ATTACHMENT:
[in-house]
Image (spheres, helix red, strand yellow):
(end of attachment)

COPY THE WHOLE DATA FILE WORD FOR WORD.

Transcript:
[in-house]
Image (spheres, helix red, strand yellow):